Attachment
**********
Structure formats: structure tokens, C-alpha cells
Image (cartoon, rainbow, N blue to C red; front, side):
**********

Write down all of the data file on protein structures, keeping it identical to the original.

Structure formats: structure tokens, C-alpha cells
Image (cartoon, rainbow, N blue to C red; front, side):